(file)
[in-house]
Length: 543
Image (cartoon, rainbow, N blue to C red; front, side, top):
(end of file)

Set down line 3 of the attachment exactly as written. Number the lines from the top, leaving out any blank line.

Image (cartoon, rainbow, N blue to C red; front, side, top):